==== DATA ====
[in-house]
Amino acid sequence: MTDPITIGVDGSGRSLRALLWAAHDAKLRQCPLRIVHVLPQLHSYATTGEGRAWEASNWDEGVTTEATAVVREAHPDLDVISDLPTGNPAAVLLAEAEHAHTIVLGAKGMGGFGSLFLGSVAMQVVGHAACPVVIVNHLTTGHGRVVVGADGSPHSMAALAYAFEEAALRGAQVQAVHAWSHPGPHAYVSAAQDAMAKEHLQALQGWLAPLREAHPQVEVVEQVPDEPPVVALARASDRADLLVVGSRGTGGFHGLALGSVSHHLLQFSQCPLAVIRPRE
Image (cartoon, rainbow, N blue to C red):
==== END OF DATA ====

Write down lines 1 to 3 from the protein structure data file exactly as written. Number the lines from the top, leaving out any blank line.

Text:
[in-house]
Amino acid sequence: MTDPITIGVDGSGRSLRALLWAAHDAKLRQCPLRIVHVLPQLHSYATTGEGRAWEASNWDEGVTTEATAVVREAHPDLDVISDLPTGNPAAVLLAEAEHAHTIVLGAKGMGGFGSLFLGSVAMQVVGHAACPVVIVNHLTTGHGRVVVGADGSPHSMAALAYAFEEAALRGAQVQAVHAWSHPGPHAYVSAAQDAMAKEHLQALQGWLAPLREAHPQVEVVEQVPDEPPVVALARASDRADLLVVGSRGTGGFHGLALGSVSHHLLQFSQCPLAVIRPRE
Image (cartoon, rainbow, N blue to C red):